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PeerJ. 2014 Aug 12;2:e515. doi: 10.7717/peerj.515. eCollection 2014.

Whale shark economics: a valuation of wildlife tourism in South Ari Atoll, Maldives.

Author information

1
Maldives Whale Shark Research Programme , South Ari Atoll , Maldives ; Red Sea Research Center, King Abdullah University of Science and Technology , Thuwal , Saudi Arabia.
2
Maldives Whale Shark Research Programme , South Ari Atoll , Maldives ; International Union for the Conservation of Nature , Gland , Switzerland.
3
Maldives Whale Shark Research Programme , South Ari Atoll , Maldives.

Abstract

Whale sharks attract large numbers of tourists, divers and snorkelers each year to South Ari Atoll in the Republic of Maldives. Yet without information regarding the use and economic extent of the attraction, it is difficult to prioritize conservation or implement effective management plans. We used empirical recreational data and generalized mixed statistical models to conduct the first economic valuation (with direct spend as the primary proxy) of whale shark tourism in Maldives. We estimated that direct expenditures for whale shark focused tourism in the South Ari Marine Protected Area for 2012 and 2013 accounted for US$7.6 and $9.4 million respectively. These expenditures are based on an estimate of 72,000-78,000 tourists who are involved in whale shark excursions annually. That substantial amount of income to resort owners and operators, and tourism businesses in a relatively small area highlights the need to implement regulations and management that safeguard the sustainability of the industry through ensuring guest satisfaction and whale shark conservation.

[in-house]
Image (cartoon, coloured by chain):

KEYWORDS:

Direct spend; Economic valuation; MPA management; Maldives; Regression model; Shark watching; Whale shark; Wildlife tourism

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